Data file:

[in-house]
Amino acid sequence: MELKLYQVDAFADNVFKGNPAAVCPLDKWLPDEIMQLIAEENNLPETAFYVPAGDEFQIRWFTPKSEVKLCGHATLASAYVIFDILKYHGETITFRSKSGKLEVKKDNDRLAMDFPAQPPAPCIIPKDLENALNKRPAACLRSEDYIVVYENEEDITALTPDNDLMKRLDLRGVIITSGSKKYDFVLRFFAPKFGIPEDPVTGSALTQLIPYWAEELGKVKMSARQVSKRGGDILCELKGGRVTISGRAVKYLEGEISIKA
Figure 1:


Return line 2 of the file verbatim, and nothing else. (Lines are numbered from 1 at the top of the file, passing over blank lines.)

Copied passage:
Amino acid sequence: MELKLYQVDAFADNVFKGNPAAVCPLDKWLPDEIMQLIAEENNLPETAFYVPAGDEFQIRWFTPKSEVKLCGHATLASAYVIFDILKYHGETITFRSKSGKLEVKKDNDRLAMDFPAQPPAPCIIPKDLENALNKRPAACLRSEDYIVVYENEEDITALTPDNDLMKRLDLRGVIITSGSKKYDFVLRFFAPKFGIPEDPVTGSALTQLIPYWAEELGKVKMSARQVSKRGGDILCELKGGRVTISGRAVKYLEGEISIKA